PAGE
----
What is onychomycosis

It may begin with a white or yellow spot under the tip of a finger or toe.

What is nail mycosis

Onychomycosis is an infectious fungal infection, which affects the nail apparatus and can affect one or more nails.

According to statistics, it affects about 16% of the population between 45 and 60 years of age, and, in most cases, is due to the proliferation of fungi (or, more precisely, fungi) such as Epidermophyton, Microsporum and Trichophyton spp., which survive by feeding on the keratin present in hair or nails.

The infection may begin with a small spot, white or yellow, under the tip of a fingernail or toe (often the big toe).

When the mycosis spreads deeply, it can happen that the nail loses color, thickens and develops jagged margins, causing an aesthetic problem but also causing pain.

Recognizing the symptoms immediately, and treating the mycosis by intervening promptly in a specific way, after consulting the family doctor, the podiatrist or the dermatologist, is the safest way to obtain healing in a reasonable time and to avoid seeing it return after a few months, or even a few weeks.

In addition to being quite difficult to counteract, in fact, onychomycosis have the bad habit of becoming attached to their victims and reappearing periodically, after leaving the illusion of having gone definitively.

Let’s see in the following table what are the main characteristics of onychomycosis.

Affected areas Toenails and fingernails
Features of lesions Alterations of different parts of the nail, which becomes whitish-yellowish, soft, fragile, with a tendency to crumble and / or rise from the nail bed.
Symptoms Usually asymptomatic; Sometimes it causes mild burning or pain, if the supporting tissues of the nail become inflamed.

Symptoms of nail mycosis

The symptoms of onychomycosis are very similar to those of nail diseases of non-infectious origin (caused, in general, by trauma, microtrauma and, in severe cases, rheumatic diseases and peripheral circulatory failure).

Among the most common visible symptoms you can find:

  • thickening;
  • jagged surface;
  • opacity;
  • appearance of dark color and spots.

Depending on the localization of the damage produced by mycete on the nail, four forms of onychomycosis are distinguished:

  • distal subungueal;
  • proximal subungueal;
  • white surface;
  • total dystrophy.

In the first case, thickening and yellowing affect only the end of the nail, below which fragments of keratin and debris are deposited. If left untreated, distal subungual onychomycosis can cause a condition called onycholysis, due to which an infected nail can also detach from the nail bed.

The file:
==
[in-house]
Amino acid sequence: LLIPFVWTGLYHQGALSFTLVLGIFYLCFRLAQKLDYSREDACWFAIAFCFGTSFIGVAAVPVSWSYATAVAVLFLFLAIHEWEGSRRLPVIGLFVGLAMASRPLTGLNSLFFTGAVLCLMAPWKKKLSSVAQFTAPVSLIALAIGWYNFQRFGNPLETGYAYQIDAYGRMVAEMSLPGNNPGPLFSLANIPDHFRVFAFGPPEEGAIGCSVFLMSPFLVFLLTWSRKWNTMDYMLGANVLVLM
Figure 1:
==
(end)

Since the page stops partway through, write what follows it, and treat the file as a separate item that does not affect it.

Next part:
In the second case, however, a whitish patina is observed at the lunula (the part of the nail closest to the trunk of the foot), which may be an indication of a condition of immunodepression.

In the remaining two, finally, the damage can affect only the surface of the nail, which appears covered by a chalk-white scale (white superficial onychomycosis), or the entire nail plate (total dystrophic onychomycosis)

Sometimes, in addition, pain and bad smell can arise.

Causes of nail mycosis

Usually fungal infections of the nails (also called tinea unguium) are caused by fungi belonging to the groups of dermatophytesyeasts and molds.

Fungi are microscopic organisms that do not need sunlight to survive. They generally live in hot and humid environments, such as swimming pools and showers.

Risk factors

The main risk factor is age. For the following reasons:

  • decreased blood circulation;
  • more years of exposure to fungi;
  • nails that grow slower and become thicker.

Onychomycosis also tends to affect men more than women.

Other risk factors are:

  • the tendency to sweat a lot;
  • working in a humid environment;
  • psoriasis;
  • wear tight socks and shoes that hinder ventilation and do not absorb sweat;
  • walking barefoot in damp public places (such as changing rooms and showers in swimming pools, gyms and saunas);
  • athlete’s foot (tinea pedis);
  • have minor skin or nail damage, a damaged nail or other infection;
  • come into contact with someone who already suffers from tinea pedis or onymycosis;
  • suffer from a systemic disease such as diabetes, circulation problems or a disorder due to a weakening of the immune system.


Here are the rules to follow to reduce the risk of contracting onychomycosis:

  • Keep your nails short, dry and clean;
  • cut the nails frequently, possibly straight, and file the thickened areas;
  • do not cut the skin around the nails;
  • dry hands and feet thoroughly after washing, also paying attention to the gaps between the fingers;
  • Avoid shared use of towels;
  • change socks often, especially if your feet sweat excessively;
  • take off shoes from time to time during the day and after exercise;
  • avoid tight shoes or at least alternate closed-toe shoes with open-toe shoes;
  • do not walk barefoot in public places (such as gyms and swimming pools);
  • give up artificial nail polish and nails;